I normally don't review on the weekends; I just couldn't wait any longer to tell you about this one though!
Elise is a fragile girl who's never felt like she fitted in anywhere. Shuttled between her divorced parents, she's desperate to be popular at school but can't work out how. Then a chance event leads to her DJ'ing in Start, a hot underground nightclub and her life suddenly improves dramatically - but can she really leave behind her old self, or are the bullies who make her feel like there's nothing worthwhile about her life right all along?
I picked this up on Laura from Sister Spooky's recommendation and read it all in one train journey (when I had lots of review books I should have been reading instead.) It's gripping from the very first chapter, which ends with Elise making a horrific decision which feels all too real because of the skill with which Sales shows us her issues. Demonstrating how casual day to day nastiness can be so draining on a person and just how much damage a teenager's peers can do, it's got a strong anti-bullying message which never feels preachy. It's brutal at times - if anything, the stunning prose and Elise's incredible voice make it even harder-hitting.
(On the subject of that voice; I'd bookmarked on the Kindle app particularly good lines. When reading on Kindle, I do this for perhaps one or two lines per book, five or six for a really good one. I've just checked, and this one has sixty-eight. I'd share them with you, but many are venturing too close to spoiler territory, and how do you pick just one or two out of sixty-eight?)
So, there are parts which came close to completely destroying me, and did bring me to tears in the end - possibly a first on public transport; The Sky Is Everywhere by Jandy Nelson would have got me there but with ten minutes to go of a journey I put that one down so I could burst into tears back at home. I had three quarters of an hour left of my train ride when I could feel that I was about to cry here, and just couldn't bring myself to leave off reading for that long.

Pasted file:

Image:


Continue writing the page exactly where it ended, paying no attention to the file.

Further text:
However it's also hopeful, and it does an incredible job of showing the value of true friendship, as Elise begins to meet people she does feel comfortable with, both in and out of Start. In addition to the tears at the saddest parts, there were plenty of smiles as Elise really blossomed into a happier character through her DJ'ing. Oh, and it gets bonus marks for the outstanding taste in music Sales displays through the songs used in the book.
Not that a book like this - which practically screams six stars on a five star rating scale - really needs bonus marks for musical taste. The voice, the prose, the plot, an amazing ending, and a strong supporting cast (including parents who actually clearly care about their daughter and don't act like complete idiots) mean that it's one of the best of the year so far.